Piperaquine and Metabolites - Bioanalysis and Pharmacokinetics
Abstract: Antimalarial piperaquine (PQ) is currently used as a partner drug with dihydroartemisinin (DHA), exhibiting high cure rates (>95%) for P. falciparum. Despite its raising usage worldwide with DHA, PQ is synthetically developed outside of big pharma pipelines. Thus, there is potentially some scientific gap in the information regarding disposition of the drug not being systematically established. This thesis comprised studies on bioanalysis- (Paper I), CYP3A4/5 inhibitory potential- (Paper II), protein binding- (Paper III) and pharmacokinetics (PK) of piperaquine and its metabolites (Paper IV) with intention of filling these scientific gaps. PQ in earlier studies metabolized to two main urinary metabolites, M1 which is a carboxylic acid cleavage product and M2, the mono N-oxide of PQ. PQ and M2 were found as potent CYP3A inhibitors whereby M2 showed greater inhibition in vitro. Simulation of PQ inhibitory effect, predicted the drug-drug interaction (DDI) between PQ and co-administered midazolam in healthy subjects during antimalarial PQ treatment. Bioanalytical method was developed using a highly sensitive analytical instrument, LC-MS/MS to determine PQ and its metabolites in human plasma. The simultaneous quantitation method of PQ and metabolites was developed and validated for the first time based on the FDA guidelines. The method was applied for PK studies of PQ and metabolites after oral administration of single and escalating dose regimen of Artekin® (DHA-PQ) in Vietnamese healthy subjects. PQ exhibited dose- and time independent kinetics. M2 was found to be circulating metabolites in plasma while M1 was hardly detected. Plasma protein binding of PQ and its metabolites were studied in vitro whereby PQ was extensively bound to plasma proteins with higher affinity towards AGP protein than to the albumin while metabolites, exhibited a much lower degree of binding. Unbound fractions of PQ and metabolites were successfully determined in human plasma by ultrafiltration. Generally, the utmost contribution of this thesis is the application of bioanalysis method to quantitate the antimalarial PQ and its metabolites for pharmacokinetics including CYPs- and protein binding studies. As other antimalarials, PQ nowadays should be carefully evaluated for its treatment benefit and risk potential considering the challenge of increasing antimalarial resistance. Furthermore, DHA-PQ is suggested for mass-drug-administration (MDA) to eliminate malaria in Sub-Saharan Africa.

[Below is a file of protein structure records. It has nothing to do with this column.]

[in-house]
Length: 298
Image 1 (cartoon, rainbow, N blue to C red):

This dissertation MIGHT be available in PDF-format. Check this page to see if it is available for download.